This is a choice of style rather than it being a rule or a matter of performance. The second code example follows the "single entry, single exit" approach, where the code within the function only enters from the top and only exits from the bottom. The idea behind this is that this is more "safe" and easier to follow the code flow. The safety comes into play when you have manually set dynamic storage: with a single point of return, you can ensure that you free all the memory. Of course, languages like java and C# do dynamic storage for you, so this isn't really an issue. Also, if you're exiting multiple times in the middle of a function (particularly if it's very long), it might be hard to keep track of what causes the function to return.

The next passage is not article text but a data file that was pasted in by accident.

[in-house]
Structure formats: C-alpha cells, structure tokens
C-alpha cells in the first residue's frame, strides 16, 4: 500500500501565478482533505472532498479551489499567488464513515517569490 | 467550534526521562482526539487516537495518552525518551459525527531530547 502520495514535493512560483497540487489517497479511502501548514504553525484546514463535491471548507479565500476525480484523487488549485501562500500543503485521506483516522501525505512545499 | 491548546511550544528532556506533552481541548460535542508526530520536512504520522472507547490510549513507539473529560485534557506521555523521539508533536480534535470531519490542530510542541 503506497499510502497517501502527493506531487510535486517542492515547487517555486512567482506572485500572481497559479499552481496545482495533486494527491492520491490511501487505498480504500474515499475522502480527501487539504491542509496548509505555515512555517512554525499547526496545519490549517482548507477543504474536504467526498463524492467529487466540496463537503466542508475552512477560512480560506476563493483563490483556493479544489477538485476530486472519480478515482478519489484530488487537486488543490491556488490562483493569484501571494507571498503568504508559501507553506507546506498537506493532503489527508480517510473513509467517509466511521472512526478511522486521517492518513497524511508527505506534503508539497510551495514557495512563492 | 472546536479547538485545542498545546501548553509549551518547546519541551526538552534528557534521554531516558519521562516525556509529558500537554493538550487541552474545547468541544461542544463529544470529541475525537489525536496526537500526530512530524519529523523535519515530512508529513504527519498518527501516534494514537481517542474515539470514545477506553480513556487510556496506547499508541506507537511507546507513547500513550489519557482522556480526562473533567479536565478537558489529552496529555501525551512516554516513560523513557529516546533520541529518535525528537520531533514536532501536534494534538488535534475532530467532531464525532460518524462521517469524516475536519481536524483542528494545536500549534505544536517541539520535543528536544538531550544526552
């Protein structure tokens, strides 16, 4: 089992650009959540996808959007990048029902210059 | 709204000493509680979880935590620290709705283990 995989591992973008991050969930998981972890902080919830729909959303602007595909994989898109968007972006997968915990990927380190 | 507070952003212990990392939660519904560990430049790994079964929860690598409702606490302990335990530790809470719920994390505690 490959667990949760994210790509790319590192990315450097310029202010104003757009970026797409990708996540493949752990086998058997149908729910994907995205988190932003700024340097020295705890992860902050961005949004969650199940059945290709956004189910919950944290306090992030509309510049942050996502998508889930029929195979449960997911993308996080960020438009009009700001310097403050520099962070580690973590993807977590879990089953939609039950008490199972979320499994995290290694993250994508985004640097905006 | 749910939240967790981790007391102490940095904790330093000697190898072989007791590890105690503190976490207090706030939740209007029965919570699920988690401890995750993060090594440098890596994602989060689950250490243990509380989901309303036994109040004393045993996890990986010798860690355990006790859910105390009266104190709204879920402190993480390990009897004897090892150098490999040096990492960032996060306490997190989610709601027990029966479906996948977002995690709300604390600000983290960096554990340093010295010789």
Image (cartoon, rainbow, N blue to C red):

However, choosing to exit only at the bottom of a function can create its own problems, as you may sometimes need to keep track of more state by setting and checking flags.
As for your original question, it certainly does not break anything in modern programming languages; it's all up to you. Go with the way you find easier to follow.